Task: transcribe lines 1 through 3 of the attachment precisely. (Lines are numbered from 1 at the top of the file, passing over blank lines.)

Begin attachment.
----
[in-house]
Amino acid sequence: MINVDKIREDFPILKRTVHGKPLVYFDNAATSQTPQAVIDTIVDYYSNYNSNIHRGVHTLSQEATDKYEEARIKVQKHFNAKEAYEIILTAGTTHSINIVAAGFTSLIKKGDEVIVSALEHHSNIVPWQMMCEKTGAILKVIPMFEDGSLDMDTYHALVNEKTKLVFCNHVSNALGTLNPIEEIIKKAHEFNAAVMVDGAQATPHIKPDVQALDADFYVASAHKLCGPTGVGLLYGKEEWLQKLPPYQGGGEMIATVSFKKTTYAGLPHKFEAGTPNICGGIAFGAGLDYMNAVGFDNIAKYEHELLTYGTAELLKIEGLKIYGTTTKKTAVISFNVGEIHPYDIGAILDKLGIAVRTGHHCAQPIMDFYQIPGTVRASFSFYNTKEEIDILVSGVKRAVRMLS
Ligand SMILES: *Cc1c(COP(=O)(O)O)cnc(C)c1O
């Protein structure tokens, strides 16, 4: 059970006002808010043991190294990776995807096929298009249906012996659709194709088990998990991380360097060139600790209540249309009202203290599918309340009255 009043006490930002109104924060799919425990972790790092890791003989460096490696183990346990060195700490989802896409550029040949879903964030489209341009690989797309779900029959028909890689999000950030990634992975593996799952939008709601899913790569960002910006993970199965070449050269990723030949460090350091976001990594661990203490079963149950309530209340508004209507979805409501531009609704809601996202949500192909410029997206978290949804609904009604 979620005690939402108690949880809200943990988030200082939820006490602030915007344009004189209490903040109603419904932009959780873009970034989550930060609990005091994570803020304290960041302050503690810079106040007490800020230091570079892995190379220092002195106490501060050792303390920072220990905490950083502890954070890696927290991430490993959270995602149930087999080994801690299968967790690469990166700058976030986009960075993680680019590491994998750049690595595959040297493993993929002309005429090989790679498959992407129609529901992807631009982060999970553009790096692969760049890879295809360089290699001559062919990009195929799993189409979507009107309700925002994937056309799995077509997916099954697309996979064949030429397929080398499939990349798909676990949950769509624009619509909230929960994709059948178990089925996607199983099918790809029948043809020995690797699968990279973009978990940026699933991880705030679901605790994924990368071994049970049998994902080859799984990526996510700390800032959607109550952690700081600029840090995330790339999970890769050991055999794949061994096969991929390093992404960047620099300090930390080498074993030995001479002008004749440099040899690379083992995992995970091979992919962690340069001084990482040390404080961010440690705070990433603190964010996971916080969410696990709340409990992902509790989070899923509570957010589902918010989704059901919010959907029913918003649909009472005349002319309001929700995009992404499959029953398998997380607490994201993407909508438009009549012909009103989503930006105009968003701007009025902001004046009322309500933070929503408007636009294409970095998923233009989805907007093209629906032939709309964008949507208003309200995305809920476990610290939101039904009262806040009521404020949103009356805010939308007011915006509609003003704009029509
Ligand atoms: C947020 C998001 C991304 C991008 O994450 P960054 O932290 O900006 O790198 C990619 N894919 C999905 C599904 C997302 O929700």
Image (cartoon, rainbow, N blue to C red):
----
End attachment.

[in-house]
Amino acid sequence: MINVDKIREDFPILKRTVHGKPLVYFDNAATSQTPQAVIDTIVDYYSNYNSNIHRGVHTLSQEATDKYEEARIKVQKHFNAKEAYEIILTAGTTHSINIVAAGFTSLIKKGDEVIVSALEHHSNIVPWQMMCEKTGAILKVIPMFEDGSLDMDTYHALVNEKTKLVFCNHVSNALGTLNPIEEIIKKAHEFNAAVMVDGAQATPHIKPDVQALDADFYVASAHKLCGPTGVGLLYGKEEWLQKLPPYQGGGEMIATVSFKKTTYAGLPHKFEAGTPNICGGIAFGAGLDYMNAVGFDNIAKYEHELLTYGTAELLKIEGLKIYGTTTKKTAVISFNVGEIHPYDIGAILDKLGIAVRTGHHCAQPIMDFYQIPGTVRASFSFYNTKEEIDILVSGVKRAVRMLS
Ligand SMILES: *Cc1c(COP(=O)(O)O)cnc(C)c1O